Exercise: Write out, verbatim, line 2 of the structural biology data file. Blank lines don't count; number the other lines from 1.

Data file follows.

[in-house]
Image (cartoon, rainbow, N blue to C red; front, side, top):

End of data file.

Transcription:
Image (cartoon, rainbow, N blue to C red; front, side, top):